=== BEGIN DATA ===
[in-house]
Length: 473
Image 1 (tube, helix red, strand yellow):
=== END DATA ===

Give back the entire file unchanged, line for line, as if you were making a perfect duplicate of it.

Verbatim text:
[in-house]
Length: 473
Image 1 (tube, helix red, strand yellow):